This season was dominated by La Nina induced cooler water temperatures all year. Not only was the water cool the normal fish migration up the coast was hampered by a cold water upwelling along the mexican coast (nicknamed the Ensenada Tongue ) which we are told essentially blocked the normal fish migation up the coast.Our first trip in late june spent the day cruising the rockple for a few bottom fish. The next two trips one to the Dumping grounds and the other to the 295 spot produced the seasons first (and only) Albacore. Ten large fish between the two trips.With one exception all the fish were caught on troll Erv Wheeller Troll fish For the first time ever in August on our next trip With no Tuna on the horizon we headed for the flats off South Island to look for Sand Bass. Lots of Boats many Sand Dabs but no Sand Bass. Next we tried the Middle Grounds and found all the small Skulpin we wanted. Then as a last resort we tried the bottom spots on the Mexican side of the 9 mile bank. These spots are usually fished out by March. Surprise Surprise we found a school of hungry Red Rock Cod Bruce Ito Arno Chrispeels and despite the wind and current enjoyed some of the best Rock Cod fishing of the season. We returned with several pounds of fillets and a few whole fish for Bruce. Red Rock Cod
We cancelled three of the next four runs because nobody was catching fish in any waters we could get to in a day and one half trip. Indeed we should have cancelled the fourth trip ( The Make A Wish) but felt obligated to run around the ocean for 30 hours and not catch fish. This year we did not even win at the raffle. Only two weeks later The last trip in early October was clearly the high light of the year.
We left for the Hidden bank in the wee hours of Sunday morning on a calm, overcast, moonless night. Our first and only stop was at a pair of kelp paddies that after a long drift finally produced a couple of fish. We stayed with this drift for over 4 hours and and had steady hookups on nice 20 to 40 pound Bluefin and the occasional Yellowfin hooked up . Light line and small hooks were the key. Indeed Grant Larson's old reel, 15 lb test, and #4 hooks produced a hookup nearly every time the Sardine hit the water. grant Larson With the light line and pretty angry Bluefin most hookups entailed a lap around the boat. Bow Fish With 3 and 4 people hooked up at one time this was often an adventure. Some adventures worked out well. Bruce managed to salvage one 40 lb Yellowfin who had wrapped the line around a prop by snaring the line leaving the prop and hand lining the fish until he could cut and splice the line.We boated the fish some 25 minutes later. Bruce Yellowfin Other adventures didn't have such a nice ending. Grant Larson fought what looked like a large Yellowfin for nearly an hour with roughly 20 trips around the boat. We finally got the fish to the surface by motoring to keep the fish behind the boat but in the final moments with the boat drifting again the line clipped a prop and broke. The move had an unanticipated side effect. The bait ball which we didn't realize was under the boat left and was destroyed by the waiting Tuna. This effectively ended the bite and the day. 20 fish All but 2 were Bluefin.We all met at Inverness a few days later to enjoy fresh Bluefin califoria rolls, and Bruce's shusi artistry party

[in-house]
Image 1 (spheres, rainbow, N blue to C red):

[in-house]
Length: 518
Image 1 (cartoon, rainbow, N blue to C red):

We made 4 bottom fishing trips this year mostly to the finger bank area. We often caught limits of smaller rockcod. The 9 mile bank often provided better fishing with each trip yield several nice red rock cod.
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